The FSA Safer Food, Better Business guide can provide further information about food safety and FSA regulations.

Food Hygiene Certificate

You can get training for managers and staff in levels 1, 2 and 3 for restaurant work, bar food service, catering and food manufacturing. Some of the centres that have the courses on offer in London include:

  • Food Hygiene Courses in London, 43 Earlsferry Way. London
  • Hamlets Training Centre at the Montefiore Centre
  • Square Training, first floor
  • Pathways Training and Consultancy Lt. at Arundel House
  • London Training Centre, unit 7
  • Off To Work Training Academy at Kings House

Cutting the Gordian Knot

  • Playing music in a restaurant or bar
  • Placing tables outdoors for al fresco dining
  • Street advertising with sandwich boards
  • Hosting live music
  • Distributing leaflets or copies of your menu
  • Setting up a CCTV system

Starting a Food Truck in London

Street food - including food trucks, carts and pop-up restaurants - has become a huge foodie trend in recent years, and London is a great location to operate. According to, London is a perfect venue for gourmet food trucks, favourite English comfort foods, creative gastronomy and simple, affordable meals in council neighbourhoods, high-end high streets and urban gathering places can succeed very well, and the cost of starting a food truck is more affordable than starting a restaurant in a specific location.

Necessary Licences for London Food Trucks

You must register with your local authority 28 days prior to taking your food truck on the road. Registering your business is free. You also have to be accredited by passing a Level 2 or Level 3 Food Safety & Hygiene course. Level 2 authorises you to prepare and cook food in a mobile food truck; Level 3 authorises you to supervise a team of employees.

You will need liability insurance to cover accidental poisonings or bad driving that injures your customers. I’m just having you on, but there are real liability risks in any food service. You might have to consult a specialty company because not every insurer will cover mobile caterers. Usually, you need a minimum of £5 million cover, but some councils might require £10 million.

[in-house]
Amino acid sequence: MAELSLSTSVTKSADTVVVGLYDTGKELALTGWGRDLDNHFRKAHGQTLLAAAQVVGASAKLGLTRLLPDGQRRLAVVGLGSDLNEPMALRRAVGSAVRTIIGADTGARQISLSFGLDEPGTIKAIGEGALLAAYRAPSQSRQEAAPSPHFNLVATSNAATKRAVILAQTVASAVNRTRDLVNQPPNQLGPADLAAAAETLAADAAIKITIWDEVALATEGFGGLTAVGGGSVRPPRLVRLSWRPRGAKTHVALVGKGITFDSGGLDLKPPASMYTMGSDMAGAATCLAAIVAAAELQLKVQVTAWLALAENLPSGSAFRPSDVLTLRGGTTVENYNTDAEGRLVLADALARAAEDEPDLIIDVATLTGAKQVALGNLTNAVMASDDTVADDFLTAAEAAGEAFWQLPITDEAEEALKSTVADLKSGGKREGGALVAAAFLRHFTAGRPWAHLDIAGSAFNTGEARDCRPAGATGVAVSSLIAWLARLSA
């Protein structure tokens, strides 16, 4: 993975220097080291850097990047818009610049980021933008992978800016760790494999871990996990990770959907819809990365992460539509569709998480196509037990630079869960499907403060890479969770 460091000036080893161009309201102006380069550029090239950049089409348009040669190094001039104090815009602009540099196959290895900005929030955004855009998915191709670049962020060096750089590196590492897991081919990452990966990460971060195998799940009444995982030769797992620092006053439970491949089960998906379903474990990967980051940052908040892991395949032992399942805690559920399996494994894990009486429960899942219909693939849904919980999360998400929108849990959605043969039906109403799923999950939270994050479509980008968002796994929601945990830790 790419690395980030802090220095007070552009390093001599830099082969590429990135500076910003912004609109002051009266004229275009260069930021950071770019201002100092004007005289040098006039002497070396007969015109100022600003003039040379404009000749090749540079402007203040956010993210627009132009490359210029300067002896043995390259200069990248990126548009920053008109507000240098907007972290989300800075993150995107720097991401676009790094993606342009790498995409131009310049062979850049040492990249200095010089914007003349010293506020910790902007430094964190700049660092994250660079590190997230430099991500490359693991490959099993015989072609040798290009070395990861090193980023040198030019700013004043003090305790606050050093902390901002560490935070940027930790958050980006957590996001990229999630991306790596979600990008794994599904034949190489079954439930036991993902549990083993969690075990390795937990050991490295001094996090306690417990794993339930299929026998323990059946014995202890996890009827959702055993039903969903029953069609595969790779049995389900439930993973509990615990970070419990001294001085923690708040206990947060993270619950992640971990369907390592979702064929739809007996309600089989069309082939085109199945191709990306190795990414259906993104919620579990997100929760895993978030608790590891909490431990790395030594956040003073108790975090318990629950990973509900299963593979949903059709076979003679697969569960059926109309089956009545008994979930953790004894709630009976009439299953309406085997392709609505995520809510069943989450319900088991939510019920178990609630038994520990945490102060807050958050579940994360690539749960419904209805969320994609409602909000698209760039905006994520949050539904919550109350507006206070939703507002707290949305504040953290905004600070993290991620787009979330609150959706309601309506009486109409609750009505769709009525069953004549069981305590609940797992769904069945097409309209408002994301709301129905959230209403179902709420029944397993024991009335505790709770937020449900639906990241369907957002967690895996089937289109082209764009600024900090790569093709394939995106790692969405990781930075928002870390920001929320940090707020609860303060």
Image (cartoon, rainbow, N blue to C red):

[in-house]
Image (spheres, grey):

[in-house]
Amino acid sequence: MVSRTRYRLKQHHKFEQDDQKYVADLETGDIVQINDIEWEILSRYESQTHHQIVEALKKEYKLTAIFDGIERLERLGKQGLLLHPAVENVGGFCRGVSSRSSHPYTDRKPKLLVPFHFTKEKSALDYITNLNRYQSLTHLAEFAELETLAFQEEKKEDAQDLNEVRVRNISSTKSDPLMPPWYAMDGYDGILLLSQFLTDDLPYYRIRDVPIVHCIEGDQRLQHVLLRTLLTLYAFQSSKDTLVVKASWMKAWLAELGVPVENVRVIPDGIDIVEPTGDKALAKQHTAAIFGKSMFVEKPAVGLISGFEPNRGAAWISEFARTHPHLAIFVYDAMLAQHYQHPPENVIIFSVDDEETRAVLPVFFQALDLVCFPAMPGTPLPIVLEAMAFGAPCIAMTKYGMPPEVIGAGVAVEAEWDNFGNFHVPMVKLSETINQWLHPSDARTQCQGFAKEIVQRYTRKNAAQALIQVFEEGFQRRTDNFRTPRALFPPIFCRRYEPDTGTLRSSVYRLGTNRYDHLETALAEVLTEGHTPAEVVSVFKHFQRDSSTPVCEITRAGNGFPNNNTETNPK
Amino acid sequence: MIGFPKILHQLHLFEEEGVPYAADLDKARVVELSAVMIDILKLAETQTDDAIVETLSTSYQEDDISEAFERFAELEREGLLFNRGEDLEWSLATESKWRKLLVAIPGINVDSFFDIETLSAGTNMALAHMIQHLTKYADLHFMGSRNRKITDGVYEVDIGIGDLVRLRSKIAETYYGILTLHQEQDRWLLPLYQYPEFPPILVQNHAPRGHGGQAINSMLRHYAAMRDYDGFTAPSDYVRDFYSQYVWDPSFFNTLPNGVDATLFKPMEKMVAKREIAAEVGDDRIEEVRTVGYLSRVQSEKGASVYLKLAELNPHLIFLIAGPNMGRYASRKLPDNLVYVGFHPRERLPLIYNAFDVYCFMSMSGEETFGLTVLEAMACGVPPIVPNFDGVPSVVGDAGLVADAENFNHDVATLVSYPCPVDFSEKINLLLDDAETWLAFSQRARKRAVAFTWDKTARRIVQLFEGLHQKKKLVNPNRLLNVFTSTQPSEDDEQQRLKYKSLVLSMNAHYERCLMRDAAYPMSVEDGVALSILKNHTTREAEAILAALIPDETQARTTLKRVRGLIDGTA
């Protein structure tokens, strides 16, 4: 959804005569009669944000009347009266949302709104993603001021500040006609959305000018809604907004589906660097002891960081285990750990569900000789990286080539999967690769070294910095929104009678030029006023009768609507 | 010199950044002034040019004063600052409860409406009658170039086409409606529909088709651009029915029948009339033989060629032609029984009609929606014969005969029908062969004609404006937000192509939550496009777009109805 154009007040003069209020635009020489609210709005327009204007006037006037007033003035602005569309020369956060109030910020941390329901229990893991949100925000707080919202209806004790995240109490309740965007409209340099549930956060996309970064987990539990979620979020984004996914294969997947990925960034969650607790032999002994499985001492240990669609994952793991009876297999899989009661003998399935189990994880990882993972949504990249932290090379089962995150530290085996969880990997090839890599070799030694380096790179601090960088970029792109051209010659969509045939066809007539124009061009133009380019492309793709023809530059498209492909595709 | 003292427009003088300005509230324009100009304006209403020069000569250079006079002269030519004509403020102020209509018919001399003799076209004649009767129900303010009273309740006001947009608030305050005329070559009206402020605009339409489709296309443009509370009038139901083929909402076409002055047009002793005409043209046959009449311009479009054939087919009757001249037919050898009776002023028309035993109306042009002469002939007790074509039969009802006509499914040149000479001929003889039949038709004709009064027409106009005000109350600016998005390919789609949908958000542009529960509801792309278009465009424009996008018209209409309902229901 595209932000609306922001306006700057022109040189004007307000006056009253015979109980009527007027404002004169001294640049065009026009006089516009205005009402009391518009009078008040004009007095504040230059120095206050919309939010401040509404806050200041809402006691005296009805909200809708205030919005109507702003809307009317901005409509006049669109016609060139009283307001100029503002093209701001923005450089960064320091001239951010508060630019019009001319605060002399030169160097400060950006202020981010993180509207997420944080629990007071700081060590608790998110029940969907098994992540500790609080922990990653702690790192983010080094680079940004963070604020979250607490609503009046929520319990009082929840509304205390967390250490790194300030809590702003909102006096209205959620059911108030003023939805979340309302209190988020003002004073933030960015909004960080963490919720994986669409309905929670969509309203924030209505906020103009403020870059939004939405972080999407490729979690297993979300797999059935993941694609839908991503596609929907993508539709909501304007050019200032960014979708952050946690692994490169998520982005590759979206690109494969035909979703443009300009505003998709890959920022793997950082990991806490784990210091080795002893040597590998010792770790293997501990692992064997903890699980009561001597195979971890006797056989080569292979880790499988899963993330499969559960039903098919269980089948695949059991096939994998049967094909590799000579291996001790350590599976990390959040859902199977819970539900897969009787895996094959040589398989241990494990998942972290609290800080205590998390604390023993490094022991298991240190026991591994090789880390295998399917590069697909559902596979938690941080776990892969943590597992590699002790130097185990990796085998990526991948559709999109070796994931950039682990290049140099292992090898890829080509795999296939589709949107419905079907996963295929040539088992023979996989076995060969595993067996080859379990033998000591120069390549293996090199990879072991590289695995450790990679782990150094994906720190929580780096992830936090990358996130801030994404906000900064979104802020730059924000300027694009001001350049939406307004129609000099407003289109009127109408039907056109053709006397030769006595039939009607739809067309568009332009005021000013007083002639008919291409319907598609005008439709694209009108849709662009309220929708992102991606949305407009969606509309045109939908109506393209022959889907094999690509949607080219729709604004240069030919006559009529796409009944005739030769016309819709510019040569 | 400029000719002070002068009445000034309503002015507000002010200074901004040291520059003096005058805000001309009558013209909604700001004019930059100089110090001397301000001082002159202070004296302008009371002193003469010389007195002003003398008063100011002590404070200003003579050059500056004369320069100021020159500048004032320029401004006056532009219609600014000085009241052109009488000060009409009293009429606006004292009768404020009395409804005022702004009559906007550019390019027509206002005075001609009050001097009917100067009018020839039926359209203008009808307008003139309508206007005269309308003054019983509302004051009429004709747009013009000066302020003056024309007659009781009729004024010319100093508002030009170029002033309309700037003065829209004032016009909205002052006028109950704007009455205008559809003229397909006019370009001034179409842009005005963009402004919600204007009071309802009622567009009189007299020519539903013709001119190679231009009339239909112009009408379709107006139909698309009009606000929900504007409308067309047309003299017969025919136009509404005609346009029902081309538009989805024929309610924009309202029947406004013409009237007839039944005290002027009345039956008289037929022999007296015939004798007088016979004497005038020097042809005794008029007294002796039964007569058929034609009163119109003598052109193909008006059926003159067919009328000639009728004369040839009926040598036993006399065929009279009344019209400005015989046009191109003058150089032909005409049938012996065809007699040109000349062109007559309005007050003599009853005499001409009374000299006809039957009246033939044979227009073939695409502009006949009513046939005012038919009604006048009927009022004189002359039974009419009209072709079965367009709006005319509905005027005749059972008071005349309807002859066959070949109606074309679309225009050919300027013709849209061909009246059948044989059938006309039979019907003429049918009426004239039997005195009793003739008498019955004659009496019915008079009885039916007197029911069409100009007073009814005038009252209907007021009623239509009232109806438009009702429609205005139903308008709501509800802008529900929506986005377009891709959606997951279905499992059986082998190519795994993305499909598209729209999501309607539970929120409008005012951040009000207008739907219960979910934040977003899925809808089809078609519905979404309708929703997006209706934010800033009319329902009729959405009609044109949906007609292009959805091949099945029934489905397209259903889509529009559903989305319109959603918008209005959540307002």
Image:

You must also create a hazard analysis and critical point control plan, also known as an HACCP plan. This plan shows how you plan to keep your food safe from chemical, biological and physical contamination. You can download templates for creating your plan at the Food Standards Agency at

You must also register at HMRC, as outlined previously, for a tax account. It's Important to research which streets are prohibited to food truck operations, and you must obtain LPG gas and PAT testing certificates.

London Has the Greatest Restaurants in the World - Including Yours

London has some of the best restaurants in the world, and the city is perfect for startups, experimental cuisine, video restaurants and restaurants that cater to the customer experience. London has more than 39,383 food service establishments, but you can make your mark and rise above your competitors with a good plan, great food, a strong niche and excellent service.

This article wasn’t any longer - or more complex - than my articles on starting a restaurant in San Diego, Los Angeles or Houston, so the red tape isn’t as bad as some aspiring entrepreneurs think. Plan your licence strategy, stay organised and approach the problem step-by-step. You’ll get your restaurant opened with a lot fewer headaches, and you can begin pursuing those tasks you actually enjoy - such as entertaining people and serving great food and drink.

Michael Elkins

I am a restaurant chef with many years of experience in cooking for restaurants. I have owned 'Buddy’s Restaurant' in Roanoke, Virginia, for many years. I am here to share my experiences and help new entrepreneurs in the food business.